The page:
Thursday, October 15, 2009

Why the White House Will Lose It's "War on Fox News"


White House Communications Director Anita Dunn said this on CNN: "If you were a Fox News viewer in the fall election, what you would have seen would have been that the biggest stories and biggest threats facing America were a guy named Bill Ayers and something called ACORN. I mean, the reality of it is that Fox News often operates almost as either the research arm or the communications arm of the Republican Party. And it's not ideological. I mean, obviously there are many commentators who are conservative, liberal centrist, and everybody understands that. What I think is fair to say about Fox and certainly the way we view it is really that it is more a wing of the Republican Party."


Wow. I was a FNC viewer in the fall election, and I remember it a bit differently. McCain was routinely criticized, especially his actions during the financial collapse. Obama was covered as the untested "phenomenon." Of course he received a higher level of scrutiny, on Fox, at least. He was much more of an unknown. He was heavily criticized by Sean Hannity, but got a fair interview from Bill O'Reilly. The biggest threats to America FNC reported on were the global financial crisis, Al Queda, Iran, and North Korea. ACORN turned out to be a bigger scandal than FNC was reporting at the time, so maybe Ms. Dunn shouldn't have brought them up in her statement.


Speaking of which, wasn't much of the rest of the "elite" media getting spoofed for being "in Obama's pocket" on all the comedy shows? What if we "flip" Director Dunn's statement: "If you were a MSNBC viewer in the fall election, what you would have seen would have been that the biggest stories and biggest threats facing America were a guy named Rush Limbaugh and something called FOX NEWS. I mean, the reality of it is that MSNBC often operates almost as either the research arm or the communications arm of the Democratic Party. And it's not ideological. I mean, obviously there are many commentators who are liberal, conservative centrist, and everybody understands that. What I think is fair to say about MSNBC and certainly the way we view it is really that it is more a wing of the Democratic Party." Wow, again. If I was president, I would sooner hire Dennis Miller as my White House Spokesman than let any of my staff say that (whether I believed it or not)!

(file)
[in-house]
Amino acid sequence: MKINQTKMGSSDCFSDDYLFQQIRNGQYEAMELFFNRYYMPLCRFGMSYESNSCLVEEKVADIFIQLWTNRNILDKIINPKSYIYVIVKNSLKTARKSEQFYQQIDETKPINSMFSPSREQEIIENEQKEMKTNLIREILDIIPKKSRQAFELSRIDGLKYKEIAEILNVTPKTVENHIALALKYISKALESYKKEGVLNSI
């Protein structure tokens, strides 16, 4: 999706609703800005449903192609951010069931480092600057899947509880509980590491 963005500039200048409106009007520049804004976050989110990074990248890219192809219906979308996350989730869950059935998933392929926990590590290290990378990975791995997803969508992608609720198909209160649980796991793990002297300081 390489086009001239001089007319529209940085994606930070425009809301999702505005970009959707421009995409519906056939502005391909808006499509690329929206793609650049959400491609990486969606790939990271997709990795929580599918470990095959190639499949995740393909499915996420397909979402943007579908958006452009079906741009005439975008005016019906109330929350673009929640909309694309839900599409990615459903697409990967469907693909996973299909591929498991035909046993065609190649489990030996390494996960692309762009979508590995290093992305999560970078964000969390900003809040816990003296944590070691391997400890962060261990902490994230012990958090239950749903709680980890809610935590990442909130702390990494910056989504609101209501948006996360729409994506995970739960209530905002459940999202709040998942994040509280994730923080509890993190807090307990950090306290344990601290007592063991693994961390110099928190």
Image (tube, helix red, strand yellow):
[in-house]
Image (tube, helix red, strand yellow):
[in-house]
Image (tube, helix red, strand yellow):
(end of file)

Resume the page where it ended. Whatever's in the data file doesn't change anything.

It looks to me as if the WH is "projecting" their relationship with MSNBC onto Fox News. If I remember correctly, Pres. Bush had a few "problems" with FNC during his WH tenure. When FNC, or even Limbaugh would criticize the administration, they sent out people to respond. They also sent people to MSNBC, CNN, and the rest of the major news outlets, on a regular basis. This administration's "boycotting" of FNC is a bad move, politically. If this kind of statement is what they're putting out to the rest of the media, they're shooting themselves in the foot.


This is part of a bigger picture, of course. There is revived talk about restricting speech on talk radio, and the internet. At this point, I'm starting to see a pattern to this administration: lot's of talk, and no action. I doubt they'll have the ability to stay off of Fox News Channel until the end of the year (as they've advised FNC), much less bring back the "fairness doctrine." FNC is not going to stop covering the news, whether the Obama Administration gives them any interviews or not. There are too many "big news" things on the OA's plate for them to deal with the whole "free/critical speech" issue. As it is, it looks like they're farming it out to people who think nothing of insulting millions of people, in an official capacity. Many FNC viewers happen to be some of the same people who are protesting in opposition to his health care initiative, which makes the statement seem even more political.


All administrations take media criticism, and they usually have to respond to it, sooner or later. Eventually, others in the media will ask the questions being asked now on FNC, as happened during the campaign. Remember that? George Stephanopoulos got criticized for asking Obama a question about Bill Ayres. It was said that he got the question from Sean Hannity, and maybe he did. So? It was a legitimate question, to such an "unknown" candidate. The media "backlash" to the question is more telling than Obama's actual response to the question. These media people know how to stick to the script: Demonize Fox, Rush, Hannity, Beck, and all of the people that listen to them.


I'm OK with that. As a conservative, I'm proud to be "demonized" for who I listen to (and used to it). MSNBC and CNN are FNC's competitors, and they're getting their clock's cleaned in the ratings, so it's understandable. Watching the administration "echo" these criticisms is fine, too. They're not exactly "making friends and gaining influence" with this tactic, while the "opposition" is gaining exposure, and growing. It's taking more "political capital" for the OA to get anything done, every passing day, and the days turn to weeks, then months. Let's see how long until an administration official shows up on Fox again. My money's on "before the new year."


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